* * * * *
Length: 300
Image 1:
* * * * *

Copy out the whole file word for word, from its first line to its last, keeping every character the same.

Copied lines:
Length: 300
Image 1: